By Amy McCready, Founder of PositiveParentingSolutions.com and author of The “Me, Me, Me” Epidemic.
Three simple steps can be the start of tidy rooms without bribes, nagging, or hand-outs.
Ever feel like you’re fighting for your child’s attention against a huge host of distractions (think Legos, binge TV or the latest Instagram updates) and not necessarily coming out on the winning side? Now, toss in an expectation that kids should actually CONTRIBUTE by way of helping at home – heaven forbid! If you’re like some parents, you may be tempted to throw in the towel – after all, isn’t is just easier to do it ourselves rather than face the complaining and negotiating? There is hope however and it doesn’t require magic – though it might feel like it when you see the results.
Getting your kids to clean their rooms and help around the house WILLINGLY doesn’t have to be – well, a chore. In fact, if your goal is to raise kids that DON’T feel like they are entitled to everything, including having you act as their personal wait staff, then it’s time to put some serious un-entitling parenting tools in place. What it takes is a little language fine-tuning, a powerful shift in attitude and behavior, and some practice.
Let’s take a look at three steps that can make a difference in YOUR home:
- Watch your LANGUAGE. No, I’m not talking about THAT language; we all know to be mindful there already, right? I’m talking about removing the word chore from your household commentary and to-do lists and replacing it with the word contribution, or more specifically, family contribution. The difference? How it makes your kids feel. Think about it. The word chore conjures up the idea of burden, work, and the exact opposite of fun. The word contribution, on the other hand, is empowering (something kids need anyway) and makes them feel like they have influence, they make a difference and they’re part of the larger team. As a team, when everyone contributes and pitches in – the house runs more smoothly, things get done faster and there’s more time, energy, and resources to have FUN together.
- Let them know you NOTICE. Let your kids know the impact of their contributions and what it means to you. The truth is no one likes unloading the dishwasher, sweeping a floor, or cleaning out a toy chest – but when your kids notice that you NOTICE it changes everything. Let them know their efforts make a difference, such as, “Hey, you really helped out the family tonight. Now we have extra time to play a game, go for a bike ride, bake some cookies, etc.” It helps kids connect the dots – and feel significant. It also means you’ll have fewer power struggles and better cooperation and that’s a win-win you can count on.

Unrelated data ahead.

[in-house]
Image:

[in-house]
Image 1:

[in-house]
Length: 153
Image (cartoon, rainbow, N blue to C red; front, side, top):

- Let routines RULE. Let me share one of my favorite tools from the “Un-Entitler Toolbox” of my new book, The “Me, Me, Me” Epidemic – A Step-by-Step Guide to Raising Capable, Grateful Kids in an Over-Entitled World. The tool is called Let When-Then Routines be the Boss and it is amazingly simple yet effective for young kids through teens. This tool puts the ROUTINE in the role of negotiator. Here’s how it works: Structure your child’s less desirable tasks to occur before those things that are very desirable. At the same time, let kiddos know you’re not there to wait on them hand and foot and with privileges (those things they want and want to do) come responsibilities (family contributions). For example, “When you finish your daily family contributions, then you can have phone time.” Or, “When you finish folding and putting away your laundry, then you can enjoy your 30 minutes of TV time.” Now, after clearly communicating your When-Then, (and here’s the key) – leave the room or do whatever you need to do to block out the protests or negotiating that’s sure to follow. Then, stick to it. Eventually, your kids will not only get with the program, they’ll get a boost of significance when they finish the task and can access the privilege.
Like any shift in mindset and behaviors, putting these tools in place takes time, practice and patience. When you feel that shift take root in your home, it will not only be rewarding in the NOW, but you’ll set the stage for your kids to grow into hard working, contributing adults. And here’s a bonus – they’ll learn valuable life skills they’ll need to take care of themselves and their OWN family down the road. (Seriously, no one wants a 30-year-old who doesn’t know how to do the laundry or make a sandwich—or worse, feels like they are ENTITLED to have someone else do those things for them—right?) That’s great news – well beyond tidy beds, sorted socks, and swept floors, wouldn’t you say? Good luck and happy parenting!